As an afterthougt, could it be that what I’m doing is more like making a “neon” sign work by brute force (mantaining the high vacuum with the pump)

      • Very early Neons also used a running vacuum to operate. They were called geissler tubes I think. The main problem is using air which instead of sputtering will use the O2 to create new molecules instead. I.e. highly reactive which is why must use Argon (or Neon) as non-reactive but argon more common and cheap. Neon tubes do try to get under 10 micron and closer to 1-3 for long term stability – 25 years or so so different set of criteria they are trying to meet. Most refrig pumps tend towards 50 microns IIRC. Should be fine for sputtering though. Was watching Applied Science on this topic https://www.youtube.com/watch?v=9OEz_e9C4KM
        can see now how the sputtering happens by forcing the electrons in a magnetic loop to drag the Argon atoms down to sputter the target and scatter to the destination. His cracked, it got so hot – hot because of the electron energy which is related to current once voltage established. So higher current means the sputtering action is more kinetic and therefore creates heat at the surface.

      • Didn’t know that about neons! what where they used for?(will check wikipedia) I mean, they don’t sound much efficient if they need a running pump all the time. XD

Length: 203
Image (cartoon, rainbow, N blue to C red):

I bought a decent refrigeration pump, but the best I managed was about 300 microns, barely enough low pressure to prevent arcs and initiate sputtering. As for heat management, yes, absolutely, I am working on that too, I once fused (on purpose) the copper target I had in the chamber. Shame Aplied Science didn’t gave data on current/voltage for the cracked ITO, might have been interesting.

      • single stage electric pumnp is for refrig and 50 is best with new vanes. 300 is fine. For better vacuum look for 2 stage electric pump or motor/belt driven like Welch 1402 second hand. Beware mercury contamination from old Neon plants though. Generally safe. Typically 10microns or lower. The lower the vac the higher the speed of the elecrons and therefore the sputtering. (Nothing in the way).
        Geissler tubes not really used for anything – people stil make them. forerunner of Neon which was first commercially useful mecahnism – Claude patented the Electrodes and sewed up the entire industry for 50 years.

      • Well, then my “new” (there is a rebuild log in the first post about the whole vacuum chamber thingy) two stage pump is underperforming a lot, achieving at much, 33 microns just after rebuilding. Heh…well, I sure don’t have money to look for another pump, so I’ll have to make do. /cries in silence/

Leave a Reply

Fill in your details below or click an icon to log in:

WordPress.com Logo

You are commenting using your WordPress.com account. Log Out /  Change )

Google photo

You are commenting using your Google account. Log Out /  Change )

Twitter picture

You are commenting using your Twitter account. Log Out /  Change )

Facebook photo

You are commenting using your Facebook account. Log Out /  Change )

Connecting to %s